HOWTO Make a duct-tape corsage

Instructables user Thatkidwithayoyo has a fine formula for making a corsage out of the universal medium of exchange, duct tape:

I didn't want to buy in to the wasteful "buy, wear for a few hours, throw away" corsage culture, so I decided to make a more economical, longer lasting, and greener alternative.

This instructable will teach you how to make duct tape flowers and then use those flowers to make a corsage. The flowers and corsage will last forever and are waterproof, recyclable, hypo-allergenic, and just plain cool! They are also cheaper than a normal corsage and don't require a trip to the florist.

How to Make a Duct Tape Corsage and Flowers (via Craft)


  1. My brother’s a musician and back when he’d play Broadway shows-on-the-road, he’d occasionally forget a tie. So he’d just go to the stagehands and whip one up with duct tape.

  2. Imagine my disappointment when I realized this wasn’t about a duct tape corset.

    /me drinks his morning coffee

  3. Let me get this right …

    Searching for a GREENER alternative to flowers?

    What can be more green that growing something and returning it to the earth …

    And you came up with duct tape? plastic tape and a chemical glue ..? since when is duct tape recyclable? they send trucks around to collect it in your area?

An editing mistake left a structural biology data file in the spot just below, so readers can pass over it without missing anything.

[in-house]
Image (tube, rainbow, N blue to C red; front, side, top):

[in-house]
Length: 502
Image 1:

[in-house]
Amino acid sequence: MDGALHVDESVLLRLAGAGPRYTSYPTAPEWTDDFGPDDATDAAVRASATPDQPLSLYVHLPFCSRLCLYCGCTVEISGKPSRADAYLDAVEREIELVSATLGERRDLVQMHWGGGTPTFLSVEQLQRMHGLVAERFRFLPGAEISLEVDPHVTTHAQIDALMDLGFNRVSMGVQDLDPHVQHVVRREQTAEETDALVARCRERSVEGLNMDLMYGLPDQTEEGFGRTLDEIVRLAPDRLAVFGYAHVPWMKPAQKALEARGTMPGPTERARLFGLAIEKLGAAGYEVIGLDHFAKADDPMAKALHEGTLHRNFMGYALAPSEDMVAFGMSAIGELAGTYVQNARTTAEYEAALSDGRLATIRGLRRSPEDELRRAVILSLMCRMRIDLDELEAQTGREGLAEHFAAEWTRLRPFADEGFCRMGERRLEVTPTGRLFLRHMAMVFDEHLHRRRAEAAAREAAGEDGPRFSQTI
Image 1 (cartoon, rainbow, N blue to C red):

4. +1 on Flipper’s comments.

    This is not green by any stretch of the imagination. And corsages/dried flowers last practically forever. I still have one from junior high kicking around somewhere.

    Even if you buy a plastic corsage, it’d still be greener than all the tape that goes into this one.

    I never really understood the duct tape fetish that some people have. Yes it is a great product for many tasks, but turning it into wearables is just silly

  5. Apparently there’s a basic misunderstanding of teenage girls going on here (closely related to post #1, by the way.)

    Girls *keep* corsages. We carefully lay them out to allow them to dry…I even know girls who disassemble the corsages, dry the flowers, and make lovely shadowbox bouquets with the reassembled materials. The rest of us generally don’t throw them away until they crumble into dust (and there’s not much that’s more biodegradable than a flower that has already begun to biodegrade.)

    I don’t think there are too many girls who are going to do anything with a duct-tape corsage other than dropping it into the nearest garbage can (oooh, there’s that throwing away a mass of chemicals and plastics thing) — if you could even get her to wear it. (and hypoallergenic? Can I please tell you about allergies to chemicals? Now there’s a nice memento of prom — a seeping patch of blisters on her shoulder from a reaction to the duct tape.)

    So…you won’t get to first base, and she’ll likely pitch it in the trash.

    Your flowers are clever, but pony up the cash for real flowers, stud.

  6. speaking as a girl born and raised on a flower farm…. may I just put in a promotion for real flowers – even if you pick them from the side of the road :)